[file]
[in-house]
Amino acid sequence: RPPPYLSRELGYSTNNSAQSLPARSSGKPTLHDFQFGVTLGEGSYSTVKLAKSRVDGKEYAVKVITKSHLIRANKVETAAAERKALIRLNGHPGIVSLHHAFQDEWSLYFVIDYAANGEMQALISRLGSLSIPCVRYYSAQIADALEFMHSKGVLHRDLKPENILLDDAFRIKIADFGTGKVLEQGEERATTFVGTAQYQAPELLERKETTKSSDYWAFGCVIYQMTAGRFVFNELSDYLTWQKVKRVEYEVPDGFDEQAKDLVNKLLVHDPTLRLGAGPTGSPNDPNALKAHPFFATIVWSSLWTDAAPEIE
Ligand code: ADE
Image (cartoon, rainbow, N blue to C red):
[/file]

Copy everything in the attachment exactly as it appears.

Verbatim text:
[in-house]
Amino acid sequence: RPPPYLSRELGYSTNNSAQSLPARSSGKPTLHDFQFGVTLGEGSYSTVKLAKSRVDGKEYAVKVITKSHLIRANKVETAAAERKALIRLNGHPGIVSLHHAFQDEWSLYFVIDYAANGEMQALISRLGSLSIPCVRYYSAQIADALEFMHSKGVLHRDLKPENILLDDAFRIKIADFGTGKVLEQGEERATTFVGTAQYQAPELLERKETTKSSDYWAFGCVIYQMTAGRFVFNELSDYLTWQKVKRVEYEVPDGFDEQAKDLVNKLLVHDPTLRLGAGPTGSPNDPNALKAHPFFATIVWSSLWTDAAPEIE
Ligand code: ADE
Image (cartoon, rainbow, N blue to C red):